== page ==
Erik Erikson

1902-1994

About Erik Erikson

Erik Erikson was born in Frankfurt-am-Main, Germany, to a young Jewish woman. His mother raised Erik by herself for a very long time, she eventually married a man named Dr. Theodor Homberger. Erikson grew up believing that Homberger was his biological father. When he learned that he was not Erikson felt very confused and led him to question his identity. After finishing high school Erikson traveled through Europe pursuing his interest in art, but he went on to study psychoanalysis, which was recommended by a friend, and he eventually earned a certificate from the Vienna Psychoanalytic Society. He married a woman named Joan Serson, who was a dancer. They had three children together. In 1993 he decided to move to the United States. He worked at multiple Universities throughout his time in the United States, including Harvard, Yale, and University of California at Berkeley. He changed his name from Erik Erikson to Erik Homberger and then again to Erik H. Erikson. He published multiple books on his theories and research. He died May 12, 1994 (Cherry, n.d.).

Contributions to Psychology

Erikson is known for his theory that there are different stages of life and with every stage there is a psychological struggle. His theory describes the impact that society has on a person throughout their life.


  • Trust vs. Mistrust: During the first stage infants are unsure about their environment, they look to their care givers to stability and consistency. Being successful in this stage will lead to hope while failure will lead to fear. (McLeod, 2008).
  • Autonomy vs. Shame and Doubt: This stage focuses on children become more independent; if the child is successful then they will be confident and have higher sense in independence, but those who fail will feel inadequate. (McLeod, 2008).
  • Initiative vs.Guilt: At this stage children will start to become more curious about the world and begin asking questions. If the parents view the questions as dumb, unimportant and embarrassing, then the child will begin to feel guilty for being "annoying" (McLeod, 2008).
  • Industry vs. Inferiority: If a child is encouraged a praised their confidence will rise and feel competent. However, if the child is encouraged the will begin to feel inferior (McLeod, 2008).
  • Identity vs. Confusion: This stage allows children to find out who they are and develop and sense of identity and true self, those who complete this stage successfully feel very independent while those who do not feel insecure about who they are (McLeod, 2008).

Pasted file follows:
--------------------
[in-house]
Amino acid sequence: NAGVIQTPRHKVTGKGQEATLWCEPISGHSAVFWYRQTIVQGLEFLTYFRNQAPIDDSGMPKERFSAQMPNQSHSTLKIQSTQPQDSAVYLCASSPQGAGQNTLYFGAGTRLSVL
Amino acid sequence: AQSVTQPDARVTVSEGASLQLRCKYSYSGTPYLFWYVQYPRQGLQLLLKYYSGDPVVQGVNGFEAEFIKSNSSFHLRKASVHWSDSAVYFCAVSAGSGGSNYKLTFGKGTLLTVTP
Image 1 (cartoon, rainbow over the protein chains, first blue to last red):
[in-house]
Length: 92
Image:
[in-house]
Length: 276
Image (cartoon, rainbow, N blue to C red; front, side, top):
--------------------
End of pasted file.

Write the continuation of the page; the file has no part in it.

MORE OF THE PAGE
• Intimacy vs. Isolation: This stage deals with developing person relationships with people, Erikson believed that this was important in order to build relationships that are successful and last a long time. People successful in this stage will learn how to love (McLeod, 2008).
  • Generativity vs. Stagnation: Those who are successful during this stage will enjoy their life and feel like they are an active part of the community and care for their life, while those who fail to succeed in this stage will feel uninvolved in the world (McLeod, 2008).
  • Integrity vs. Despair: This is the last stage of Erikson's psycho social theory. It involves one looking back and reflecting on their life. If the individual is successful during this stage they will feel happy and contempt with their life while an individual who is unsuccessful will feel like they have wasted their life (McLeod, 2008).
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Criticism

Erik Erikson is criticized because he is very vague in describing the stages. He does not go into detail about the kind of experiences that people need to go through in order to resolve certain psychosocial issues in order to move on to the next stage successfully and he does not explain how the outcome of one psychosocial stage effects other stages (McLeod, 2008).

Citations

Cherry, K. (n.d.). How Erik Erikson's Own Identity Crisis Shaped His Theories. Retrieved September 15, 2014, from http://psychology.about.com/od/profilesofmajorthinkers/p/bio_erikson.htm


McLeod, S. (2008, January 1). Erik Erikson. Retrieved September 15, 2014, from http://psychology.about.com/od/psychosocialtheories/a/psychosocial_3.htm#